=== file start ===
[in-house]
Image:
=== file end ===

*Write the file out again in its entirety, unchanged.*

[in-house]
Image: